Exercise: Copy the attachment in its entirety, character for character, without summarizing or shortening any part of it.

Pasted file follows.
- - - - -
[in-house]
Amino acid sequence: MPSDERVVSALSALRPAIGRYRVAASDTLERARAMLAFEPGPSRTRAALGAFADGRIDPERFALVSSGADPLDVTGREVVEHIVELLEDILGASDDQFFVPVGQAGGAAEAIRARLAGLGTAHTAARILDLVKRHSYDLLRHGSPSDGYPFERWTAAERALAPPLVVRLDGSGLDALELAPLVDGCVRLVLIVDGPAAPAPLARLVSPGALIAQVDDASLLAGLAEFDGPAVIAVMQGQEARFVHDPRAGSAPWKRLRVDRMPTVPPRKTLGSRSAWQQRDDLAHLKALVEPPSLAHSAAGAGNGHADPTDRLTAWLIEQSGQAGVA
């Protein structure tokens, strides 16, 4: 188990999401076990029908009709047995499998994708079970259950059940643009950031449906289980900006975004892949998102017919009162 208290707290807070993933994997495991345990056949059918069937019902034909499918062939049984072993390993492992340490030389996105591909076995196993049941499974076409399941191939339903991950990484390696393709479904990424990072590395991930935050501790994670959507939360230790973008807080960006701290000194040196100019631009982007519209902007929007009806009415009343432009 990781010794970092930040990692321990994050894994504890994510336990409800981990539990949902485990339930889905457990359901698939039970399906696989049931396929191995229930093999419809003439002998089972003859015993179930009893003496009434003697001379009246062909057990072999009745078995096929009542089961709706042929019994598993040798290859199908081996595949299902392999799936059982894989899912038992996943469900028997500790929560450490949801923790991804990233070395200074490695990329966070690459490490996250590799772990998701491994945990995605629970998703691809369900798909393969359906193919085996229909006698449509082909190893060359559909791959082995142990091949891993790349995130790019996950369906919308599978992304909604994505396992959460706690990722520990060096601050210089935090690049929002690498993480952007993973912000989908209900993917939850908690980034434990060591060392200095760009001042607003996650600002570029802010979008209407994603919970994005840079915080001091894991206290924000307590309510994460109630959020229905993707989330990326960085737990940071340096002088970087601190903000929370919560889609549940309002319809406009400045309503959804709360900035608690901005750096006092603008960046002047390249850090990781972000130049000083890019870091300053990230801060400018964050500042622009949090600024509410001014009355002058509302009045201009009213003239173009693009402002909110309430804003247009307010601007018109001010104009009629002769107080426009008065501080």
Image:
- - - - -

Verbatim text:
[in-house]
Amino acid sequence: MPSDERVVSALSALRPAIGRYRVAASDTLERARAMLAFEPGPSRTRAALGAFADGRIDPERFALVSSGADPLDVTGREVVEHIVELLEDILGASDDQFFVPVGQAGGAAEAIRARLAGLGTAHTAARILDLVKRHSYDLLRHGSPSDGYPFERWTAAERALAPPLVVRLDGSGLDALELAPLVDGCVRLVLIVDGPAAPAPLARLVSPGALIAQVDDASLLAGLAEFDGPAVIAVMQGQEARFVHDPRAGSAPWKRLRVDRMPTVPPRKTLGSRSAWQQRDDLAHLKALVEPPSLAHSAAGAGNGHADPTDRLTAWLIEQSGQAGVA
């Protein structure tokens, strides 16, 4: 188990999401076990029908009709047995499998994708079970259950059940643009950031449906289980900006975004892949998102017919009162 208290707290807070993933994997495991345990056949059918069937019902034909499918062939049984072993390993492992340490030389996105591909076995196993049941499974076409399941191939339903991950990484390696393709479904990424990072590395991930935050501790994670959507939360230790973008807080960006701290000194040196100019631009982007519209902007929007009806009415009343432009 990781010794970092930040990692321990994050894994504890994510336990409800981990539990949902485990339930889905457990359901698939039970399906696989049931396929191995229930093999419809003439002998089972003859015993179930009893003496009434003697001379009246062909057990072999009745078995096929009542089961709706042929019994598993040798290859199908081996595949299902392999799936059982894989899912038992996943469900028997500790929560450490949801923790991804990233070395200074490695990329966070690459490490996250590799772990998701491994945990995605629970998703691809369900798909393969359906193919085996229909006698449509082909190893060359559909791959082995142990091949891993790349995130790019996950369906919308599978992304909604994505396992959460706690990722520990060096601050210089935090690049929002690498993480952007993973912000989908209900993917939850908690980034434990060591060392200095760009001042607003996650600002570029802010979008209407994603919970994005840079915080001091894991206290924000307590309510994460109630959020229905993707989330990326960085737990940071340096002088970087601190903000929370919560889609549940309002319809406009400045309503959804709360900035608690901005750096006092603008960046002047390249850090990781972000130049000083890019870091300053990230801060400018964050500042622009949090600024509410001014009355002058509302009045201009009213003239173009693009402002909110309430804003247009307010601007018109001010104009009629002769107080426009008065501080």
Image: